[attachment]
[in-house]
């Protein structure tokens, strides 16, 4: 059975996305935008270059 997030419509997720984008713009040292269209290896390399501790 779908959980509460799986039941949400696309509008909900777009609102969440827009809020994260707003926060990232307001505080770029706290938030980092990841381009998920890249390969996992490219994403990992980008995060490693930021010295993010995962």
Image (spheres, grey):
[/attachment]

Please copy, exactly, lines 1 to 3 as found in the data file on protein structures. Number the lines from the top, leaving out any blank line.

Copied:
[in-house]
């Protein structure tokens, strides 16, 4: 059975996305935008270059 997030419509997720984008713009040292269209290896390399501790 779908959980509460799986039941949400696309509008909900777009609102969440827009809020994260707003926060990232307001505080770029706290938030980092990841381009998920890249390969996992490219994403990992980008995060490693930021010295993010995962």
Image (spheres, grey):